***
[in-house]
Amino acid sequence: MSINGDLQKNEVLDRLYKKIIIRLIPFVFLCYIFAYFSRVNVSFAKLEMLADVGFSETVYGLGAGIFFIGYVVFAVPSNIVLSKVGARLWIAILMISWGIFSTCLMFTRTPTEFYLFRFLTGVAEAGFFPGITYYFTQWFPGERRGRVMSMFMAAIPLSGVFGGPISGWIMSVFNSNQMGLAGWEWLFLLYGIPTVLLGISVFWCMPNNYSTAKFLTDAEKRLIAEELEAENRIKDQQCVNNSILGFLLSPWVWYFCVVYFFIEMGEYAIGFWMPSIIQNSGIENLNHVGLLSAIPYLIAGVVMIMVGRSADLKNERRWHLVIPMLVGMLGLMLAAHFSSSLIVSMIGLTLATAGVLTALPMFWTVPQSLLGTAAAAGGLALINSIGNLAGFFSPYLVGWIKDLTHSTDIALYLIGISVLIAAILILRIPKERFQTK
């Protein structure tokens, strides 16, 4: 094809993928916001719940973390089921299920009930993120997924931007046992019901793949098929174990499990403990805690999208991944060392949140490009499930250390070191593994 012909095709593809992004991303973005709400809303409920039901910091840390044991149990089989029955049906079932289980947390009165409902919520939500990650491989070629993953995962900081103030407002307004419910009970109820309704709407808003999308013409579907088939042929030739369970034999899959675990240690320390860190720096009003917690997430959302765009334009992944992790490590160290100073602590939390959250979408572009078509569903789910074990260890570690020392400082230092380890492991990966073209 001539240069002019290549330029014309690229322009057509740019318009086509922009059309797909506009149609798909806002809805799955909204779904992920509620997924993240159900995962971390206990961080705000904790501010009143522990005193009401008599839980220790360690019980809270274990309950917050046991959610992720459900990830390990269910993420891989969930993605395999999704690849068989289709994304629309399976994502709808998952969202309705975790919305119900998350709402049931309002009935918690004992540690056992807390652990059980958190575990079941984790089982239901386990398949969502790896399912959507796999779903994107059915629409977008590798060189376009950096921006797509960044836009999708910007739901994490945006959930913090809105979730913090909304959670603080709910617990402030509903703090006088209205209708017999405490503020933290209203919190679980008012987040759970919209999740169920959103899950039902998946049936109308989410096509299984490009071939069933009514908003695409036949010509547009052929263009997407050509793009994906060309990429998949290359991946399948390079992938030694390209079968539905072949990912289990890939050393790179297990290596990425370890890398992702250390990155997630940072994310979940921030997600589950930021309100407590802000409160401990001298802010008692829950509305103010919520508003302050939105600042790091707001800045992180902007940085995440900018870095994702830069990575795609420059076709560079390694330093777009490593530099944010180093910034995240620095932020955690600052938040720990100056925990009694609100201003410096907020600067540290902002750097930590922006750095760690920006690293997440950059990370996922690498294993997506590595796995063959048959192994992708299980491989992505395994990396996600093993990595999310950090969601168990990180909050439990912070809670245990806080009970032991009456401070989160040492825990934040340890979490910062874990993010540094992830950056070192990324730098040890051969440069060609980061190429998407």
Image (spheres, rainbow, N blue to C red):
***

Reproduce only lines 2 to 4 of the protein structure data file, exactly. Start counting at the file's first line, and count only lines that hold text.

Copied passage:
Amino acid sequence: MSINGDLQKNEVLDRLYKKIIIRLIPFVFLCYIFAYFSRVNVSFAKLEMLADVGFSETVYGLGAGIFFIGYVVFAVPSNIVLSKVGARLWIAILMISWGIFSTCLMFTRTPTEFYLFRFLTGVAEAGFFPGITYYFTQWFPGERRGRVMSMFMAAIPLSGVFGGPISGWIMSVFNSNQMGLAGWEWLFLLYGIPTVLLGISVFWCMPNNYSTAKFLTDAEKRLIAEELEAENRIKDQQCVNNSILGFLLSPWVWYFCVVYFFIEMGEYAIGFWMPSIIQNSGIENLNHVGLLSAIPYLIAGVVMIMVGRSADLKNERRWHLVIPMLVGMLGLMLAAHFSSSLIVSMIGLTLATAGVLTALPMFWTVPQSLLGTAAAAGGLALINSIGNLAGFFSPYLVGWIKDLTHSTDIALYLIGISVLIAAILILRIPKERFQTK
């Protein structure tokens, strides 16, 4: 094809993928916001719940973390089921299920009930993120997924931007046992019901793949098929174990499990403990805690999208991944060392949140490009499930250390070191593994 012909095709593809992004991303973005709400809303409920039901910091840390044991149990089989029955049906079932289980947390009165409902919520939500990650491989070629993953995962900081103030407002307004419910009970109820309704709407808003999308013409579907088939042929030739369970034999899959675990240690320390860190720096009003917690997430959302765009334009992944992790490590160290100073602590939390959250979408572009078509569903789910074990260890570690020392400082230092380890492991990966073209 001539240069002019290549330029014309690229322009057509740019318009086509922009059309797909506009149609798909806002809805799955909204779904992920509620997924993240159900995962971390206990961080705000904790501010009143522990005193009401008599839980220790360690019980809270274990309950917050046991959610992720459900990830390990269910993420891989969930993605395999999704690849068989289709994304629309399976994502709808998952969202309705975790919305119900998350709402049931309002009935918690004992540690056992807390652990059980958190575990079941984790089982239901386990398949969502790896399912959507796999779903994107059915629409977008590798060189376009950096921006797509960044836009999708910007739901994490945006959930913090809105979730913090909304959670603080709910617990402030509903703090006088209205209708017999405490503020933290209203919190679980008012987040759970919209999740169920959103899950039902998946049936109308989410096509299984490009071939069933009514908003695409036949010509547009052929263009997407050509793009994906060309990429998949290359991946399948390079992938030694390209079968539905072949990912289990890939050393790179297990290596990425370890890398992702250390990155997630940072994310979940921030997600589950930021309100407590802000409160401990001298802010008692829950509305103010919520508003302050939105600042790091707001800045992180902007940085995440900018870095994702830069990575795609420059076709560079390694330093777009490593530099944010180093910034995240620095932020955690600052938040720990100056925990009694609100201003410096907020600067540290902002750097930590922006750095760690920006690293997440950059990370996922690498294993997506590595796995063959048959192994992708299980491989992505395994990396996600093993990595999310950090969601168990990180909050439990912070809670245990806080009970032991009456401070989160040492825990934040340890979490910062874990993010540094992830950056070192990324730098040890051969440069060609980061190429998407």
Image (spheres, rainbow, N blue to C red):